The Inflation Reduction Act (IRA), like ARPA, is meant to address gaps in American infrastructures and stabilize the economy. The legislation is a $500 billion package of tax cuts and new spending to reduce inflation by lowering the national deficit, capping prescription drug prices, and investing in clean domestic energy production. Nearly $400 billion of the package is directed toward clean energy through a combination of tax incentives, grants and loan guarantees. Recipients of funding streams are required to demonstrate equity impacts – exactly the kind of equity reporting mandate that the Engagement & Equity First report envisioned. A new loan program launched under the IRA, capped at $250 billion, will provide loans to upgrade, repurpose, or replace our energy infrastructure – transforming cities, counties and regions as they look to the future of energy.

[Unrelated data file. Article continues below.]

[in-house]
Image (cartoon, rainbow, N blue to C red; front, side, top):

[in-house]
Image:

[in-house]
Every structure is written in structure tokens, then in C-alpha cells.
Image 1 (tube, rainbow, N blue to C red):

As implementation of the Inflation Reduction Act begins, the lessons from SEAP’s Engagement & Equity First report remain clear. The $43 billion in consumer incentives to encourage electric vehicles, energy-efficient appliances, rooftop solar panels, geothermal heating and more will only have their intended effect if historically marginalized families and communities have an equal opportunity to access and implement these resources. Collaboration across regional, state and local partners will be central to the IRA’s success in strengthening our economy and improving financial conditions for millions of Americans.